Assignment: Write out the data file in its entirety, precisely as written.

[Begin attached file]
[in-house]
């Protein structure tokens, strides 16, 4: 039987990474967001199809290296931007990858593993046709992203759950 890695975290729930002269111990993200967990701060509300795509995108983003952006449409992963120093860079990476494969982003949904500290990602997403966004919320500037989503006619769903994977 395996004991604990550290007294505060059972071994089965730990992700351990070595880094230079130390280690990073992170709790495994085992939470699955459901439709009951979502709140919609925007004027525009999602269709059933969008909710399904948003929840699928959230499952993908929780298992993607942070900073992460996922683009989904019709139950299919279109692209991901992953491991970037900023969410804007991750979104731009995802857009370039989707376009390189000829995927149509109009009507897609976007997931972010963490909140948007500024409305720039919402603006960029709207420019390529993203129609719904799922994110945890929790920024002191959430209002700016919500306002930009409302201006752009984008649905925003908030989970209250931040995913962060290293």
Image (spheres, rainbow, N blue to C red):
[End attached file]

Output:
[in-house]
């Protein structure tokens, strides 16, 4: 039987990474967001199809290296931007990858593993046709992203759950 890695975290729930002269111990993200967990701060509300795509995108983003952006449409992963120093860079990476494969982003949904500290990602997403966004919320500037989503006619769903994977 395996004991604990550290007294505060059972071994089965730990992700351990070595880094230079130390280690990073992170709790495994085992939470699955459901439709009951979502709140919609925007004027525009999602269709059933969008909710399904948003929840699928959230499952993908929780298992993607942070900073992460996922683009989904019709139950299919279109692209991901992953491991970037900023969410804007991750979104731009995802857009370039989707376009390189000829995927149509109009009507897609976007997931972010963490909140948007500024409305720039919402603006960029709207420019390529993203129609719904799922994110945890929790920024002191959430209002700016919500306002930009409302201006752009984008649905925003908030989970209250931040995913962060290293």
Image (spheres, rainbow, N blue to C red):